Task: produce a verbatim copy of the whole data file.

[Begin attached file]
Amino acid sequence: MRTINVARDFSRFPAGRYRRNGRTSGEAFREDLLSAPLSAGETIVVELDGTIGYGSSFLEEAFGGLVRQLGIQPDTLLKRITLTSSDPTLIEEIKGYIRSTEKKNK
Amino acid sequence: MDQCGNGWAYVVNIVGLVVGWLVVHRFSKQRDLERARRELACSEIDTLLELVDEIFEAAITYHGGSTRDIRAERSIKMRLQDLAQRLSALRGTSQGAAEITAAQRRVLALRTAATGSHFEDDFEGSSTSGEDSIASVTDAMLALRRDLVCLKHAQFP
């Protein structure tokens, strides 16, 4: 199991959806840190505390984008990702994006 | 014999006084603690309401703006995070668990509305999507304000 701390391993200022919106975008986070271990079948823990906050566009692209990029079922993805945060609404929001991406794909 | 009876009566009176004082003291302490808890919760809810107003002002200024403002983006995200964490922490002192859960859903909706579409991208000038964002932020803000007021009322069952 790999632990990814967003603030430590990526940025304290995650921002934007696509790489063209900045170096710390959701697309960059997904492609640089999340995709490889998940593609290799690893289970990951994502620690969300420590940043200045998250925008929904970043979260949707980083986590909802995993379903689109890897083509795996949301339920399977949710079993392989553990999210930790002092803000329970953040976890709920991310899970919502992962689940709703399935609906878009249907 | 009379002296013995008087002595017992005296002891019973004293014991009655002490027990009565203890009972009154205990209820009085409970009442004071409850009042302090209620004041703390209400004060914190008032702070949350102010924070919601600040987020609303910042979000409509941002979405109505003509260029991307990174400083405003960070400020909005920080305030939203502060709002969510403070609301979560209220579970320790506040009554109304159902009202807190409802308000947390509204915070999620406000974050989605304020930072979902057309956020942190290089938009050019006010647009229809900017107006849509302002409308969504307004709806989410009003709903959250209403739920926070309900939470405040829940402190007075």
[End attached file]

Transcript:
Amino acid sequence: MRTINVARDFSRFPAGRYRRNGRTSGEAFREDLLSAPLSAGETIVVELDGTIGYGSSFLEEAFGGLVRQLGIQPDTLLKRITLTSSDPTLIEEIKGYIRSTEKKNK
Amino acid sequence: MDQCGNGWAYVVNIVGLVVGWLVVHRFSKQRDLERARRELACSEIDTLLELVDEIFEAAITYHGGSTRDIRAERSIKMRLQDLAQRLSALRGTSQGAAEITAAQRRVLALRTAATGSHFEDDFEGSSTSGEDSIASVTDAMLALRRDLVCLKHAQFP
């Protein structure tokens, strides 16, 4: 199991959806840190505390984008990702994006 | 014999006084603690309401703006995070668990509305999507304000 701390391993200022919106975008986070271990079948823990906050566009692209990029079922993805945060609404929001991406794909 | 009876009566009176004082003291302490808890919760809810107003002002200024403002983006995200964490922490002192859960859903909706579409991208000038964002932020803000007021009322069952 790999632990990814967003603030430590990526940025304290995650921002934007696509790489063209900045170096710390959701697309960059997904492609640089999340995709490889998940593609290799690893289970990951994502620690969300420590940043200045998250925008929904970043979260949707980083986590909802995993379903689109890897083509795996949301339920399977949710079993392989553990999210930790002092803000329970953040976890709920991310899970919502992962689940709703399935609906878009249907 | 009379002296013995008087002595017992005296002891019973004293014991009655002490027990009565203890009972009154205990209820009085409970009442004071409850009042302090209620004041703390209400004060914190008032702070949350102010924070919601600040987020609303910042979000409509941002979405109505003509260029991307990174400083405003960070400020909005920080305030939203502060709002969510403070609301979560209220579970320790506040009554109304159902009202807190409802308000947390509204915070999620406000974050989605304020930072979902057309956020942190290089938009050019006010647009229809900017107006849509302002409308969504307004709806989410009003709903959250209403739920926070309900939470405040829940402190007075």